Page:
Wednesday, October 5, 2011

Raising Chickens Part 2

Some of our newest flock, roosting ON their new home instead of IN it.
We now have two flocks of egg layers. Our older flock is allowed to explore the entire yard. The second, larger, and younger flock is kept in a fenced pasture that they share with our two pygmy goats, Fern and Petunia. The roaming flock keeps to the yard, rarely venturing beyond our boundaries. The penned flock seems very content to stay in their pen. In addition to our lovely egg layers, this past summer we had a third flock of chickens, which are now tucked into my freezer. Yep, we raised our own meat chickens. 

Along with our layers, we purchased 10 Cornish x Rocks from Murray McMurray Hatchery, to be delivered the 3rd week in May. Within a few weeks they were enormous and in my opinion, ugly. I didn't even take photos they were that ugly. And enormous. Big, slapping feet, stubby little legs, gaping beaks, and supersized chests. I did not like those birds, which made it really easy to take them to the "processor." Whenever I approached their pen, they would chase me down, so desperate were they for their food. They ate a tremendous amount of grain and would just sit all day. No foraging for insects. No exploring. They weren't curious at all. They just got bigger and uglier and smellier by the day. Finally, at 9 weeks, I took them to a local meat processor. 

The night before their demise, Husband and I packed them in a dog crate with some water. Early in the morning I loaded the crate into the back of my SUV and headed off to Lancaster County to the Amish man who would do my dirty work for me...for less than $3 per chicken! So worth it. I have harvested my own chickens once before and three bucks is a very small price to pay. An hour after arriving, Mr. Lapp was loading two coolers full of chicken into my car.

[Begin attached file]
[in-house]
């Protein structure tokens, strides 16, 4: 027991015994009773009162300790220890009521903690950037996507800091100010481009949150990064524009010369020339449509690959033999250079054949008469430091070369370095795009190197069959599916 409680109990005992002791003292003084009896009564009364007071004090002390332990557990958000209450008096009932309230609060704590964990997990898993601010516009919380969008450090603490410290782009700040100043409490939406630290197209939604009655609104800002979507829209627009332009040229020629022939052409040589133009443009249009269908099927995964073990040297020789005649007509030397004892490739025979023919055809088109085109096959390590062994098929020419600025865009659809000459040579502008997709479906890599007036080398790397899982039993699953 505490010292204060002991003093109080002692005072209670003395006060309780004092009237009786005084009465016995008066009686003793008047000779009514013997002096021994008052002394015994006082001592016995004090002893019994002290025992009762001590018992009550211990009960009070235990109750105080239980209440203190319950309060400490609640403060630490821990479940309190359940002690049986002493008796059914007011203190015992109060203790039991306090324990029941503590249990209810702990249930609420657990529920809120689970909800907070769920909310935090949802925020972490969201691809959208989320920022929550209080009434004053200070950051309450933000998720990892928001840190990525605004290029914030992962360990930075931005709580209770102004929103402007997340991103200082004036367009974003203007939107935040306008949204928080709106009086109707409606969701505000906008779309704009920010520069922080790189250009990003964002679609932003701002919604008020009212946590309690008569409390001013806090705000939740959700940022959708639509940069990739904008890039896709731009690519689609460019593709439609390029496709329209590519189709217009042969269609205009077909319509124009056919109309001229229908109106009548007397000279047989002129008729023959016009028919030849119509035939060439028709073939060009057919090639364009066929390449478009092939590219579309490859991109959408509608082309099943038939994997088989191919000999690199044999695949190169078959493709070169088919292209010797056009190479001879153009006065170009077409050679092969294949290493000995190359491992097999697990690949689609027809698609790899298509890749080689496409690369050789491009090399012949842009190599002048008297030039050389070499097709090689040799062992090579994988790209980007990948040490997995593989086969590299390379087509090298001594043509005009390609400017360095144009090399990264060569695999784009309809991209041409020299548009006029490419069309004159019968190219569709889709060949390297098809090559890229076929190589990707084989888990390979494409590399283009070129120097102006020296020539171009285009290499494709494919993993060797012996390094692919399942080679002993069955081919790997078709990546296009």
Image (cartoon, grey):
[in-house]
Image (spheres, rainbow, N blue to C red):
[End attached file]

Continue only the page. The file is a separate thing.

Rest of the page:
Friends have asked me if it was worth it. Financially? No. I figure each chicken cost me about $18 to buy, raise, and harvest.  That's about $4/lb when dressed out. But, it's not all about the cost. I raised these birds —I know what they ate, what they drank. We tried to give them a happy to roam, clean bedding, food, and water, plenty of sunshine and fresh air.

Would I do it again? Yes, with some changes. Next year I plan on getting a more "natural" breed. Cornish Rocks are bred for super sized breast meat. They can't tolerate heat and after 10 weeks start having leg issues. (Too big to fail does not apply here). I will use a breed that is better on pasture, to reduce the costs of feed. Organic grain is about $30/50lbs in this area, so the less they eat of that the better! I will probably do more than 10, so I can sell a few and recoup some of the cost. One thing I will do the same? Let Mr. Lapp do the processing!

Harvesting chickens

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